In November, the citizens of Detroit will elect a new mayor to preside over one of America's most decayed urban areas: a municipality steeped in debt, high taxes, and poor services. Regardless of who they choose for this honor, fed-up Detroiters should insist that the new mayor consider privatization of assets and services as a way to give the Motor City the financial and cultural tune-up it so desperately needs.
Consider a few facts the new mayor will need to deal with upon assuming office. The city of Detroit
has lost 7.5 percent of its population since 1990, a sign that life in the city is not as appealing as alternatives;
is so far in debt that it owes $1,073 for every man, woman, and child in its environs;
owes an additional $2,600 per capita in unfunded health-care liabilities (the cost of funding this liability rose by 13.6 percent in just one year, from 1999 to 2000);
will have to spend billions of dollars in the next several years to comply with new federal water and sewer mandates; and
has such poor fire department services that it lost approximately $177 million worth of residential property in 2000 alone, an amount equal to 75 percent of the value of residential structures built during the entire decade of the 1990s.
What to tackle first? Here are a few suggestions:
Cobo Conference and Exhibition Center: Since 1980, Cobo has cost the city of Detroit an average of $9.1 million per year to keep in good repair. That comes to $182 million in 20 years. Cobo should be entrusted to the private sector, a move that could earn the city a one-time sales payment of at least $50 million and generate another $1.9 million in property taxes annually. At a minimum, Detroit should contract with a private firm to manage the facility for less, as Riverside, Calif., and Denver, Colo., have successfully done with their convention centers.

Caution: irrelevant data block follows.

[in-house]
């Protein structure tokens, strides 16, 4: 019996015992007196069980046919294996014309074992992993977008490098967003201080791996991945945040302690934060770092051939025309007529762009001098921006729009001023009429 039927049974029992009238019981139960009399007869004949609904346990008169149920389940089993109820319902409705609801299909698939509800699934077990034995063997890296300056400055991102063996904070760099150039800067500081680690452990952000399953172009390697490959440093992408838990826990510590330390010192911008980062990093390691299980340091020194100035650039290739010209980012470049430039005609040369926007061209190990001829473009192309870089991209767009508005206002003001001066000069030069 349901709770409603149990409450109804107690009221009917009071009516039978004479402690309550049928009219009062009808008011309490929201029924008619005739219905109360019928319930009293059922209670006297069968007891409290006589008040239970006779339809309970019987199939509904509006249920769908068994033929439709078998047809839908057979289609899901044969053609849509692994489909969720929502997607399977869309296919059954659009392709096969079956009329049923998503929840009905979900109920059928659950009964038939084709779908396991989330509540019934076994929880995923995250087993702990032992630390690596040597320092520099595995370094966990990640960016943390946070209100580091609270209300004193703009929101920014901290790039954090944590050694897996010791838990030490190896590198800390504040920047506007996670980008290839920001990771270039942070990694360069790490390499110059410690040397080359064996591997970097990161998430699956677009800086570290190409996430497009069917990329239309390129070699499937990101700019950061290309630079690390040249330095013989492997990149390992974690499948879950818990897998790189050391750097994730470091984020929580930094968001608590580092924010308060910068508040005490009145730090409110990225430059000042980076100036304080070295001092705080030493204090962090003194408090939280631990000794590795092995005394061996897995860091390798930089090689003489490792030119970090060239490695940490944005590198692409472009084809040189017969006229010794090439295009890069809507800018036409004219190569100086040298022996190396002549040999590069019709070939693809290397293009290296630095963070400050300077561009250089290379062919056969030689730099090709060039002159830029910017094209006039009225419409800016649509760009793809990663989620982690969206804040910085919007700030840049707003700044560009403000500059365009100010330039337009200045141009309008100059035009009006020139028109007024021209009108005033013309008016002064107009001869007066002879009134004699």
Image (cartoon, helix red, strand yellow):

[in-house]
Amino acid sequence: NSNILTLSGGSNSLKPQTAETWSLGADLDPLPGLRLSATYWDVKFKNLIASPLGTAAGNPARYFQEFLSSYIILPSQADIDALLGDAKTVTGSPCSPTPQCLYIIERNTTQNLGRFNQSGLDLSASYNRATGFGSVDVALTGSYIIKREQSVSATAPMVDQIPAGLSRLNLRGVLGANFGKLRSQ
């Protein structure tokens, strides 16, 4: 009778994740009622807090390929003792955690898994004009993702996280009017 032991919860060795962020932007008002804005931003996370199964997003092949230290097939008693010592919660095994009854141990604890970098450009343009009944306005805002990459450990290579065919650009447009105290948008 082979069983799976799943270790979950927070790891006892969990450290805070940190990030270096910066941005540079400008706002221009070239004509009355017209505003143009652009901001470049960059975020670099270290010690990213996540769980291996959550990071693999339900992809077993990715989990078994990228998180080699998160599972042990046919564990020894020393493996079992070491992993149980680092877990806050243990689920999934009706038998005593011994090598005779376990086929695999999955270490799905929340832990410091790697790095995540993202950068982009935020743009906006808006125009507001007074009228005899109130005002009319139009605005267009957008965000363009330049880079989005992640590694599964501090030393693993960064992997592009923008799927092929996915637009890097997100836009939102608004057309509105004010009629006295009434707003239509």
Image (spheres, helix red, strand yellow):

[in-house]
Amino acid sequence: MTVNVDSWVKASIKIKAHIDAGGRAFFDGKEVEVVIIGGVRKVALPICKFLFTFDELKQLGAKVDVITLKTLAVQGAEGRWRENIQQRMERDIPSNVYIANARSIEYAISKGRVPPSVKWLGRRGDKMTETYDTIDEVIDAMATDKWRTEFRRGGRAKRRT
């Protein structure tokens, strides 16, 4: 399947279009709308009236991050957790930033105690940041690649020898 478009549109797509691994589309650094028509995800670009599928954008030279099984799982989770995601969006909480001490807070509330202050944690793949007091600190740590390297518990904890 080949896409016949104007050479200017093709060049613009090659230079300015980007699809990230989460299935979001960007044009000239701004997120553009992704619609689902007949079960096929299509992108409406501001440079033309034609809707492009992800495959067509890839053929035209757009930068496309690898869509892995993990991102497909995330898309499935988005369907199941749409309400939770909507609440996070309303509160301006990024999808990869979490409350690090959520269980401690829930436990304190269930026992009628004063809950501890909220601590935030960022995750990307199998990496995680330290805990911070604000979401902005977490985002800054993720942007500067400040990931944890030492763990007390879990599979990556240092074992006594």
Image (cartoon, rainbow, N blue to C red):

Department of Public Works: Duties performed by this department could be outsourced in whole or in part. Shaving just 20 percent from the cost of running Detroit's DPW would save Detroit residents more than $28 million annually. In fact, Detroit already knows the kind of savings it can realize in this way: In 1998, the DPW privatized oil changes for police vehicles. Savings figures haven't been announced, but the Mackinac Center for Public Policy calculates that if all 500 police cars get their oil changed 10 times yearly with a private vendor, the cost would come to roughly $165,000. That's an astounding 83.5 percent drop in the cost the city previously incurred to perform this operation.
Belle Isle: How long will Detroiters permit their crown jewel to be neglected by poor city services? The city should hand over the entire 985-acre island park to a nonprofit corporation, just as was done successfully with the Detroit Institute for the Arts. Some mayoral candidates have, to their credit, considered this "nonprofitization" idea, an idea which could relieve the city of its annual Belle Isle appropriation, the latest of which topped $5.5 million.
People Mover: The most recent subsidy for this sparsely used transportation service was $11.4 million, a substantial sum that could be better directed to other needs if Detroit simply closed down this boondoggle.
Public Lighting: There is no reason for the city to run its own power plant. Investor-owned utilities are more than capable of serving Detroit's needs, and for less. Utilities usually sell for 1.5 to 2.5 times their equity (that is, assets minus liabilities). If this were the case for Detroit's power company, a sale could fetch $300 million and relieve Detroit of management headaches, including appropriation of an annual subsidy, which is expected to top $10 million in the 2001-02 fiscal year.
Detroit is full of talented and caring people who are waiting for a leader to trim the suffocating municipal bureaucracy so they can unleash their creative entrepreneurial powers to build better lives for themselves, their families, and their communities.
Will Detroit's next mayor be that leader?
(Michael D. LaFaive is a policy analyst and research project manager with the Mackinac Center for Public Policy. Permission to reprint in whole or in part is hereby granted, provided the author and his affiliation are cited.)